If you’re still secretly wishing you dared cook fish for Rosh Hashana (you’re supposed to…), but don’t know how to even begin, today I’ve got some good news for you: it’s breathtakingly simple.
Americans have a fear of fish. My dad took me fishing one time when I was seven, in the Adirondacks. I caught two small bass, which was no mean feat for a seven-year-old because bass are feisty. It was so exciting! I beamed on the walk back to our summer cabin. Dad cleaned and scaled the fish, and cooked them for me in a pan, and they were heavenly! Did I ever go fishing again? No. Did I develop a passion for seafood? No. What’s up with Americans? Fish is so delicious, and so not a big part of our beef-and-chicken crazy culture. Granted, we’ve got great beef, and some fine chickens. Continue reading
This post is for Kathy, who asked how to make Greek style preserved salted fish. In Spain, as in Greece, this is a classic appetizer.
Palamida is the Greek name of bonito, a small fish in the tuna family. In Sephardic kitchens (or at least in those of the Rhodesli), that’s the only name given to the salt-cured dish made from it. Reader Ino Alvo recalls the word soymas from the Salonican Jewish community. I have yet to figure out the etymology of the word – probably Ladino – though it is at least partially based in Greek. The Spanish name for the same dish is mojama, which derives from mujaffifa (or something similar), an Arabic word meaning dehydrated. Language lesson over.
Curing, or “cooking” fish in salt is an ancient and universal preservation technique, used by the Vikings as much as by the ancient Greeks and Phoenicians – both of whom had trade colonies in Iberia thousands of years before the Arabs arrived.
If salting fish was commonly practiced among coastal peoples, it was the Portuguese who established Atlantic salt cod as a staple food throughout Europe beginning in the 1500’s (by that time the Portuguese traders were mostly conversos).
Let’s get back to the fish itself. The longer you leave fish – or anything – in salt, Continue reading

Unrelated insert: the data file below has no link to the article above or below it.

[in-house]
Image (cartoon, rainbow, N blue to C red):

Anyone who’s read anything about Sephardic food must surely know by now that fish and chips made their way to England via the Portuguese Jews (who, by the way, were largely of Spanish descent).
Fish is an abundant staple throughout Iberia, and just as likely to be fried as not. In a place and time when it mattered, it was the Sephardim who fried their fish exclusively in olive oil, so it was indeed exotic and novel to the English, until then accustomed only to cooking with animal fats, to be introduced to this element of the Mediterranean diet – and in the sixteenth century, no less! The crisp batter is the real seducer, of course, but for me the English version is always a let-down, something they’ve not gotten the hang of despite four centuries of practice. With one exception – one! – I’ve never had fried fish in England that wasn’t Continue reading
“My father would eat an appetizer which was raw fish with lemon squeezed onto it. I think it is called LAKADA, made from mackerel. He would eat it with greek olives and bread.
I am a Sephardic Jew who grew up in Brooklyn and now live in Kansas City and would like to know how my mother prepared this dish for my dad.” – Joseph
The recipe name you’re trying to remember is lâkerda, the Turkish name for an appetizer of marinated raw tuna or of bonito, which is indeed a kind of mackerel (When made with bonito, it is called palamida, which is the Greek name for that fish). Both are oily, blue fishes. I’m not partial to mackerel, but I love raw tuna marinated in lime juice and this is essentially the same thing.
The technique is very straightforward; probably the most difficult part of making lakerda is cleaning and boning the fish. How you approach that will depend upon the kind of fish you’ve got, and what’s available at the fish market depends upon where you live. If you don’t know your way around fish, Continue reading